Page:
After four trips to the North—ranging from week-long visits to four-month stays—I have seen the aurora borealis just once, and that time barely counts.
There’s an expectation around aurora: the word evokes a sky painted in swirling lights, the land below bathed in impossible colours. My experience in seeing a handful of slim, faded green ribbons is not the aurora borealis people want to hear about. Southern friends and family can’t quite hide their disappointment that my experience doesn’t match the postcards, while Northerners wonder how I haven’t caught a more spectacular show by now—especially after living and working in Yellowknife, Aurora Capital of the World.
It’s not from a lack of trying. I’ve tracked weather and solar activity, but it never pans out. Friends, coworkers, and family have sounded the alarm while I visited, only for me to see their messages too late. I plan and I prep and I stare into a blank sky, and then the night I decide it’s safe to not look is the night the Northern Lights come out to dance.
At this point, it’s embarrassing. I’ve developed a talent for missing the most obvious sight in the North.
On my flight home from Yellowknife (my latest trip), I tried to mentally prepare myself to explain to people that I had once again failed to see the aurora. That would be everyone’s first question when I landed back in Ontario and I tried to resign myself to their inevitable disappointment. But, as I came closer to my final destination, I realized: I don’t think I care anymore. Yes, the Northern Lights are iconic—but after spending time up North, I’ve started to care more about the things people don’t talk about.
When I picture Yellowknife, I don’t see ribbons in the sky. I see the trees on my walk back from work—turned crystal-white from hoarfrost. I see the 9 am dawn, which I miss most of all (since as a chronic late-riser I hadn’t seen dawn for years), and the absolute black of the bush after sunset. My image of Yellowknife is now me sitting on the edge of Great Slave Lake on those last days of fall, hearing nothing but water lap on rock as I watch a pair of houseboaters set up on Mosher Island.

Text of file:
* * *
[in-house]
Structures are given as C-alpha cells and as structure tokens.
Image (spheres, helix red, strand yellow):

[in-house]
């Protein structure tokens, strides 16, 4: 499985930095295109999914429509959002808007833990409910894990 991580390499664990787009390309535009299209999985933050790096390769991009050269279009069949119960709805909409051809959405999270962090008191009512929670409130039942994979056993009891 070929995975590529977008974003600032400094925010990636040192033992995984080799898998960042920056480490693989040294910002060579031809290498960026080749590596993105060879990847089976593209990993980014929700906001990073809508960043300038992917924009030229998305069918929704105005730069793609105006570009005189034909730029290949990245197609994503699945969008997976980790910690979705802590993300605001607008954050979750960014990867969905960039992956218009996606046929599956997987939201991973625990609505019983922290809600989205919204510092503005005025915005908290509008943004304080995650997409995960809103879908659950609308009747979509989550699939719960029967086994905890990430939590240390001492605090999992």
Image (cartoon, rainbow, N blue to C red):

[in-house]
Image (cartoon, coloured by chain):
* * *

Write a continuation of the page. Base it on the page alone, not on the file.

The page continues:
When it comes to the North, what I remember is if I step outside of the towns, the skies are so untouched by light pollution that I can see the shape of the Milky Way with my bare eyes. And that if I go at the right season, I can catch sunsets that last forever. The Arctic makes me think of beached icebergs in the summer, and how a wilted patch of Arctic Cotton in Iqaluit was still so beautiful it became my favourite flower.
Whenever I head North, I stumble across more of these unexpected, everyday details that keep pulling me back. I even love my tiny aurora experience—as much as it disappoints others—because I caught it completely by accident. I was just driving into Fort Smith after dark with my grandparents, who live in the community. Ghostly green shimmers appeared overhead, stretching off in different directions, and a single strand followed us through all the bends in the road to my grandparents’ house. It was a brief moment that blew my mind, worked into the routine of a car ride.
So I’m going to stop chasing the postcard pictures of what the North is supposed to be. If I keep staring at blank skies, I’ll miss those secret wonders closer to the ground, or forget what makes the headline attractions so magnetic in the first place. And if that means my single green strand is all I get of the aurora, I’m satisfied. That strand plus all the marvels of the North is more than enough.